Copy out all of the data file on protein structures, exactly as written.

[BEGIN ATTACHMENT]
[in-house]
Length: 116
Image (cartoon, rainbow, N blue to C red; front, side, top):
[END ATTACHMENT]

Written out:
[in-house]
Length: 116
Image (cartoon, rainbow, N blue to C red; front, side, top):